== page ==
Montreal Murder Suicide Victim Was Sex Worker, Violent Client Suspected: Advocates – Montreal | The Canadian News

The woman who died in what police said was likely a murder-suicide in Montreal’s Mile End area in early November was a sex worker, and the suspected man who died by suicide was known as violent, advocates say. .

According to Stella, a Montreal organization by and for sex workers, the 25-year-old female victim was an escort who was likely working independently and met the man whose name had been circulating in the community as a client to avoid or monitor. Out for.

“We had heard from workers who had seen him become more aggressive, denigrating and violent,” said Sandra Wesley, Stella’s CEO.

READ MORE: Sex Workers Say Canadian Laws Put Them In Danger And Demand New Government Fix Them

Wesley said workers also informed the organization and escort agencies that the 31-year-old suspect had been showing signs of unstable mental health and often “appeared to be passed out.”

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As word of his increasing behavior spread, many women had decided to stop seeing him as a customer, Wesley said.

The incident occurred on November 5, shortly before 3:15 a.m., when police responded to a 911 call from an apartment on Saint-Urbain Street near Fairmount Avenue in the Plateau-Mont-Royal district.

Police found both victims at the residence. Both the man and the woman had marks of violence on their bodies and were pronounced dead at the scene.

The woman had gone to see the man that night in the context of his work, according to Wesley.

READ MORE: 30% of sex workers do not call 911 for fear of the police: study

Montreal police say they cannot yet qualify the incident as femicide because the investigation is still ongoing, but they believe the male suspect killed the woman and then committed suicide.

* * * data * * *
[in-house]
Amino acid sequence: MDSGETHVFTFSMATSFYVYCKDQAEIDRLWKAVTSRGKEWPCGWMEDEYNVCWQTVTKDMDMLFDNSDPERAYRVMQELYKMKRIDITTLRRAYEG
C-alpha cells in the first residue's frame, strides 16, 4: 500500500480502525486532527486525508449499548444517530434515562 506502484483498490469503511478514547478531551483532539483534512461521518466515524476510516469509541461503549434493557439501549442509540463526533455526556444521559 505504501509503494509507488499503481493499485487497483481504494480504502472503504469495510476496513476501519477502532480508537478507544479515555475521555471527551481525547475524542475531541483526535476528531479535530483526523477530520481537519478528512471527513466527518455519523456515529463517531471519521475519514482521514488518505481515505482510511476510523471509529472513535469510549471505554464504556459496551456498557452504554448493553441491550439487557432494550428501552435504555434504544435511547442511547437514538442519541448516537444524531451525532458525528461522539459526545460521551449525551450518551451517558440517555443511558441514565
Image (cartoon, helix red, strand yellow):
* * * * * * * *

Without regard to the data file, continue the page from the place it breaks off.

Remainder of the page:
“What we’re seeing in sex work is women working more and more independently, without an escort agency, which diminishes protection,” Wesley said.

According to Stella’s spokesperson, when workers work with an agency, they get a driver who also acts as security to drop them off at their destination.

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READ MORE: Defender Says Murder of Quebec Sex Worker Reveals Hypocrisy of Prostitution Law

Then that driver waits for the woman to tell him that she feels safe and that she has been paid, and then he stays near the place and picks her up when he is done.

“There are several security protocols when working with an agency. A driver is often a major impediment to these incidents. “

Wesley also added that when women work with agencies, they have access to a list of “bad clients” that is constantly updated as workers report incidents.

When escorts work independently, which they mostly do for more pay and freedom, they don’t necessarily have access to that safety information.

Sex Work Laws in Canada

Canada’s current prostitution laws came into effect in 2014 (Bill C-36) under a conservative government with the Exploited People and Communities Protection Act and the enactment amended the penal code. The provisions of the legislation decriminalized the sale of sex but penalized all other aspects.

Purchasing sexual services, communicating for the purpose of offering sexual services, receiving financial or other benefits from the purchase of sexual services, advertising the sale of sex, and hiring a person for sex work are declared illegal under criminal law.

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Sex workers and legal experts argue that Canadian sex work laws are prohibitive and do the opposite of what they are supposed to do, rather than protect “human dignity”, laws push sex workers into dangerous situations by criminalizing almost every aspect of their work.

One-third of sex workers say they don’t call 911 for fear of police, study finds

A 2021 study found that 31 percent of sex workers in Canada do not report violent incidents and crimes to the police due to the current criminalization framework.

Conducted by the UBC Center for Gender and Sexual Health Equity (CGSHE) and the Department of Criminology at the University of Ottawa, the researchers interviewed 200 sex workers from five Canadian cities: Toronto, Ottawa, Montreal, Sudbury and Surrey , BC.

In each city, they found that current federal law discouraged sex workers from calling the police to report a violent or dangerous situation.

The most commonly reported source of assistance in an emergency was other sex workers, followed by friends, family, and other clients.

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– with files from Laura Hensley and Claire Fenton, Global News

© 2021 Global News, a division of Corus Entertainment Inc.

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